Update: see previous posts – February 19, 2011 Diminished Value to Motor Vehicles Post Accident, August 22, 2010 Auto Insurance Rules Change September 1, 2010 (Ontario).
Ontario drivers were overcharged $3 billion over a decade by highly profitable insurance firms while accident benefits were slashed, a personal injury lawyers’ group says.
The insurance industry denies the allegation.
The average family should have paid $100 to $120 less for auto insurance in 2013, a study for the Ontario Trial Lawyers Association shows.
While the auto insurance industry, as a group, has reported very weak profits, individual companies have earned far more than the 11 per cent return on equity allowed by the Ontario government, the analysis by two York University professors found.
Meanwhile, accidents benefits have been repeatedly cut by government, the lawyers’ association president Steve Rastin told a press conference in Toronto.
“Families in the province are paying more and getting less,” Rastin said.
The lawyers group wants the Ontario auditor general to investigate.
The report by professors Fred Lazar and Eli Prisman says Ontario drivers paid about $840 million too much in 2013 alone.
The Insurance Bureau of Canada defended itself saying it costs are continuing to rise, and blamed the lawyers in part, saying they had billed $500 million in contingency fees that year.
The industry’s claims costs “are going up” said Ralph Palumbo, the IBC’s vice-president Ontario.
Meanwhile, premiums are regulated by the government, he noted.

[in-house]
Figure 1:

NDP consumer critic Jagmeet Singh said the Liberal government is letting consumers down.
“The government has the ability to reduce the rates and time and time again they have not,” Singh said outside the press conference. “We have the most expensive auto insurance in Canada.”
At Queen’s Park, Economic Development Minister Brad Duguid told a news conference that the government has pressured insurance companies to lower rates an average of six per cent since August 2013.
“It’s an ongoing effort … we’re making good progress,” he added.
“My hope is there may be something in that report that is helpful to us … in bringing down insurance rates.”
It’s been almost two years since the NDP, applying pressure in return for support of the then-minority Liberal government’s budget, forced Premier Kathleen Wynne to promise to bring down rates by 15 per cent.
When asked if he hears many people saying thanks to the government for lower auto insurance rates, Duguid replied; “I can’t say I’ve had a lot of constituents come to me and say that.”
But he added there are likely fewer complaints than there might have been otherwise and noted auto insurance rates depend on the circumstances and driving records of individual motorists.